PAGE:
Average runs scored: 716
Average runs allowed: 759
Number of times they won the division: 6
Number of times they won the wild card: 0
Best season: 93-69
Worst season: 59-103
Best offense: 804 runs
Worst offense: 607 runs
Best run prevention: 674 runs allowed
Worst run prevention: 866 runs allowed

Standard deviation for wins: 71-84
Standard deviation for offense: 674-757
Standard deviation for run prevention: 717-801

The division favorite was not the Angels but the torn-down Athletics, 47% to 42%, and Texas won the division almost as often as the M’s. The A’s-Angels thing is as much a shock as anything. General analyst-on-TV-or-radio seems to be that it’s all about the M’s-Angels, but Oakland fields the best pitching/defense combination in the AL and their offense is decent too.

Added: since this seems to be causing a lot of hostility, I’ll explain part of what’s going on here. The projection set doesn’t include known, current injuries — so when you look at a depth chart and you see that a bunch of their starters are likely to be guys like Saarloos or even Greg Smith because so many will be down for the start of the season, that’s the rub — these weren’t run with them starting off injured for x days and then coming back. You can make your own assessment of how important that is to the outcomes, but they only play two series against the A’s for five games in the first two months of the year. So even if you want to throw out their season finish, the M’s aren’t going to move up substantially in the win column by taking more games from Oakland.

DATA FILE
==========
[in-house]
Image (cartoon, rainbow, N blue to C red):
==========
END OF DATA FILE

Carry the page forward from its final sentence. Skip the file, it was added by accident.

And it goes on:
Back to the M’s, though.

Here’s some graphs of the distributions:

Distribution of M’s seasons

That’s a scatter with smoothed lines.

And for the people who complain about graphs without absolute axis bounds:
Distribution of M’s seasons on a 0-162 axis

And by request, the bar graph


Here’s the cumulative probability:
27% of seasons were 74 wins or under
50% of seasons were 76 wins or under.
77% of the seasons were 82 wins or under